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On Dec. 7, ABC submitted comments to the National Labor Relations Board urging the board to withdraw the new proposed joint employer rule and retain the current 2020 NLRB final rule, which provides clear criteria for companies to apply when determining status. In the comments, ABC argued that the new proposed rule will cause great confusion and uncertainty among construction contractors, specifically small business owners. More than 11,000 comments were submitted to the docket.

ABC explains in the comments that the board’s radical proposal dramatically expands the joint-employer standard beyond the limits of the common law. “The board’s new proposal greatly expands joint-employer liability by restoring—and then exceeding—the Browning-Ferris Industries standard, which deems two entities joint employers based on the mere existence of reserved joint control, indirect control or control that was limited and routine,” ABC stated.

Further, the comments state, “The proposed rule goes even further than the BFI case by making clear that indirect or reserved control standing alone may be sufficient to prove joint-employer status. As NLRB members Marvin E. Kaplan and John F. Ring explained in their dissent, the proposed rule ‘would not merely return the Board to the Browning-Ferris Industries standard but would implement a standard considerably more extreme than BFI.’”

ABC’s comments also made the following arguments:

  • The proposal will disrupt long-established operational methods by which construction service providers work together to build America;
  • The proposed rule, if implemented, would violate the Administrative Procedure Act;
  • The proposed rule will harm the collective bargaining process in the construction industry;
  • The proposed rule violates the “major case” doctrine and constitutionally required separation of powers;
  • The proposed rule will harm small businesses in the construction industry; and
  • The absence of clear guidance in the proposed rule will cause great confusion and uncertainty for construction contractors.

ABC also joined the comments submitted by the ABC-led Coalition for a Democratic Workplace.

Background on the new proposed NLRB rule:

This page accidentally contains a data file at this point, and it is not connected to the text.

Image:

On Sept. 6, 2022, the NLRB announced a new joint employer proposal, which would rescind and replace the ABC-supported 2020 final rule on Joint Employer Status Under the National Labor Relations Act.

ABC issued the following statement on the new proposed rule on Sept. 6:

“It is unfortunate that the Biden NLRB took an ax to the ABC-supported 2020 NLRB joint employer final rule, which provides clear criteria for companies to apply when determining status,” said Ben Brubeck, ABC vice president of regulatory, labor and state affairs. “Today we see that the partisan NLRB proposes to greatly expand joint-employer liability under the NLRA, which will cause confusion and impose unnecessary barriers to and burdens on contractor and subcontractor relationships throughout the construction industry. As a result, contractors may be vulnerable to increased liability, making them less likely to hire subcontractors, most of which are small businesses.”

ABC was a vocal opponent of the expanded definition of joint employer that was created by the NLRB’s 2015 Browning-Ferris Industries decision, and has supported legal and legislative efforts to restore the standard that was in place for more than 30 years.

On Sept. 29, ABC joined the Coalition for a Democratic Workplace and several other organizations in urging the NLRB to extend the comment period to Jan. 6, stating, “Given the expansive nature of the proposed standard and the complexity of issues relating the standard’s impact on employers and other entities in different industries, employers and other parties will require more time to engage in a meaningful evaluation of the proposed standard and to formulate comments that will benefit the Board when giving further consideration to the proposed rule and during any development of a final rule.”

On Oct. 14, the NLRB announced it was extending the comment deadline from Nov. 7 to Dec. 7 in order to allow sufficient time for parties to file initial comments.

On Oct. 20, ABC participated in the U.S. Small Business Administration’s Office of Advocacy virtual roundtable on the proposed rule. ABC expressed disappointment that the NLRB is once again revising its standard for determining joint-employer status, which will cause great confusion among construction contractors, specifically small business owners.

The ABC-led Coalition for a Democratic Workplace created a grassroots toolkit to tell the NLRB to abandon its radical joint employer proposed rule. The toolkit provided an explanation of the rulemaking and a ready-to-send letter to the NLRB explaining why the new joint employer standard would be disastrous.

In 2019, ABC submitted comments in support of the Trump-era NLRB’s proposed rule, as did the ABC-led CDW.

To learn more about the new NLRB proposal, read ABC general counsel Littler’s analysis, NLRB Proposes New Joint-Employer Standard That Would Dramatically Expand Scope of ‘Joint Employment’ Under the National Labor Relations Act.